Dark Thinking about Dark Social
A few weeks ago I read an article about Dark Social. To some the buzz word of 2015 – or at least at the time of publishing.
The term Dark Social was coined by Alexis Madrigal in October 2012 (that’s decades ago when you put it on the social media time scale). When analysing the statistics of his website, a newspaper, he noticed that a portion of his web visitors seemed to have come out of nowhere. They just materialised out of nothing and read a specific news article: from an unknown source, similar to Dark Matter. They hadn’t punched in the newspaper’s homepage URL nor were they coming from a search engine, Facebook or some other social network. He finally realised that they must have received a direct link via e-mail or a Skype chat or similar.
In the web traffic analyses, this group was always categorised as Other or Direct Mail, but when he noticed that this category was accounting for more than 50% of his incoming traffic, he decided to write a blog post about it. And the rest is history.
A reference to his article inspired me to start writing a post. At first it would be about the short lifespan of buzz words these days, that you’re considered old fashioned if you don’t tweet at least twice a day and that your pre-Social way of sharing information (a news article, not a video of cute puppies falling off a bed) is grouped in a dark category.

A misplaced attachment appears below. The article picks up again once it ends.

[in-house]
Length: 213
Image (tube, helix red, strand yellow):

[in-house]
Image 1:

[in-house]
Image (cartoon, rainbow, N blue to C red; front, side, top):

But in the end it’s not worth complaining about. The lesson learned from looking at these web analyses is that your audience may come to you because of your search engine marketing, your twittering or blogging efforts or some other way, but they’ll only recommend you to their network if they like what they’ve read or experienced. If dark social is on the rise, content will still be king, content that is believable and compelling, that informs, educates and/or engages, content that is shared via open channels or via dark social. They may even talk to a friend over the weekend or make a remark to someone at a trade show or conference… wouldn’t that be dark?
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